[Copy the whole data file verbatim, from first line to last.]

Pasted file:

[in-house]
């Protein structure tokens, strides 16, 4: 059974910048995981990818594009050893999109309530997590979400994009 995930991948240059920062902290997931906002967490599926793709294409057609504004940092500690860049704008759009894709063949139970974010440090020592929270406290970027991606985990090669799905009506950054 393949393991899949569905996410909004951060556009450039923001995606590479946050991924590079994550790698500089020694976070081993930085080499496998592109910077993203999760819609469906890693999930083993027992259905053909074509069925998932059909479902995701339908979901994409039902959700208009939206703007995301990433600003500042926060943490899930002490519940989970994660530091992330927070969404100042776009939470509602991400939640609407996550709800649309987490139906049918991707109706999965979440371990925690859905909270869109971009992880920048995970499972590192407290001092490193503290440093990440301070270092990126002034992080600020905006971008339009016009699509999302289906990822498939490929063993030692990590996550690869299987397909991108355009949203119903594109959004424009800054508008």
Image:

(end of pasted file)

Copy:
[in-house]
């Protein structure tokens, strides 16, 4: 059974910048995981990818594009050893999109309530997590979400994009 995930991948240059920062902290997931906002967490599926793709294409057609504004940092500690860049704008759009894709063949139970974010440090020592929270406290970027991606985990090669799905009506950054 393949393991899949569905996410909004951060556009450039923001995606590479946050991924590079994550790698500089020694976070081993930085080499496998592109910077993203999760819609469906890693999930083993027992259905053909074509069925998932059909479902995701339908979901994409039902959700208009939206703007995301990433600003500042926060943490899930002490519940989970994660530091992330927070969404100042776009939470509602991400939640609407996550709800649309987490139906049918991707109706999965979440371990925690859905909270869109971009992880920048995970499972590192407290001092490193503290440093990440301070270092990126002034992080600020905006971008339009016009699509999302289906990822498939490929063993030692990590996550690869299987397909991108355009949203119903594109959004424009800054508008």
Image: